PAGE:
• How to become a nun MCs
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    How to become a nun

What's the difference between nuns and sisters?

Technically, nuns are cloistered (they never leave their convent or monastery) and religious sisters are active. They all live a life consecrated to God and profess the evangelical counsels of poverty, chastity and obedience; some orders profess an additional vow or two that is specific to their order.

What is consecrated life?

The word “consecrated” means set apart solely for God.

The word “life” refers to the person’s state of life, their status in the church, which ultimately defines what responsibilities and rights apply to them.

Therefore a person who is considered to be living the “consecrated life” is someone who, living in a stable state of life recognized by the Church, has dedicated their whole life to God in imitation of Christ through the public profession of the Evangelical Counsels of Poverty, Chastity, and Obedience.

What are the Evangelical Counsels?

In Poverty, consecrated persons live a radical dependence on Christ for their material needs. In Chastity, consecrated persons give witness to their special and unique bond with Jesus Christ. In Obedience, consecrated persons sacrifice their own will to become God’s instruments in the world.

“The Consecrated Life, deeply rooted in the example and teaching of Christ the Lord, is a gift of God the Father to his Church through the Holy Spirit. By the profession of the evangelical counsels the characteristic features of Jesus — the chaste, poor and obedient one — are made constantly "visible" in the midst of the world and the eyes of the faithful are directed towards the mystery of the Kingdom of God already at work in history, even as it awaits its full realization in heaven.” - Vita Consecrata #1 

How do I know if religious life is for me?

Just as a couple discerning marriage spends time getting to know each other and determining whether or not their lives “fit” together, discerning the religious life requires that you get to know some communities to discover whether or not you “fit.”

Here are five questions you can ask yourself to help progress along the path of discerning God’s plan for you.

Am I drawn to live religious family life with this particular community?

The term community usually refers to a particular group of religious who reside and work together as a family. As you interact with the religious sisters of a community, ask yourself if you feel drawn to live this community family life with them.

What do they do?

The apostolate is the mission of the community. It is the work it has been “sent” to do to share in the mission of Christ in the world. Is it concerned with basic physical needs like food, shelter, or healing? Is it more spiritual or intellectual, like teaching or preaching, counseling, or liturgy? Is it more hidden, such as prayer or penance for the conversion of the world or reparations for sins?

Whatever the apostolate, is it something in which God has instilled in you an interest?

How do they live?

Every religious community has a rule of life, which governs every aspect of community life, from their habit, spirituality, apostolate, even how meals should be taken and how the members interact with one another.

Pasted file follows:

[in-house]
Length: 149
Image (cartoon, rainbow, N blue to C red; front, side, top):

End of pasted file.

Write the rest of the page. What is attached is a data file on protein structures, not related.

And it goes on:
Where do they come from?

What is the history of the order? Who are the founders? Are there any saints from the order? Inspirational members who’ve lived the rule of life perfectly offer the community examples to emulate and pray to, as well as give them direction, both personally and as a community, from the examples of their lives.

Who are they?

This is the ultimate question to ask, and it is answered with their charism, the way in which a particular order witnesses Christ and shares in His mission, at a particular time and in a particular culture.

In a general sense, a charism is a gift from God which helps build up the Church. For religious communities, the charism is the soul of the community, that which gives it purpose and motivation, and animates its action. Just as each person is distinct and can be identified by his personality, a religious community is identified by its charism.

The Next Step

As you get to know different communities and answer these questions about them, the most important question for anyone discerning a religious vocation is this: Who has God created me to be?

Spending time with God gives Him the chance to reveal this to you. You should also spend time with religious communities to see if you “fit”: visit them, experience their spirituality, their community life, and their apostolate. Learn more about some nearby religious orders, and contact them as a means of continuing the process.

Sr. Clare Hunter FSE

I had many fears, reasons and excuses, but the idea would not go away, and, in spite of myself, I kept moving closer to saying “yes” to God, and joined the Franciscan Sisters of the Eucharist. When asked why I became a sister, I have my answers, but honestly, it is inexplicable. Yes, there are ways of articulating a vocation journey, but in the end: “You have not chosen me; I have chosen you and appointed you to bear fruit” (Jn 15:16), is about all you need to know about a call to religious life.